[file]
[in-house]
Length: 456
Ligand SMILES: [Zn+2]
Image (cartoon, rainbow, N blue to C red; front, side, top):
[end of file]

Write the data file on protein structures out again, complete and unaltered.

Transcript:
[in-house]
Length: 456
Ligand SMILES: [Zn+2]
Image (cartoon, rainbow, N blue to C red; front, side, top):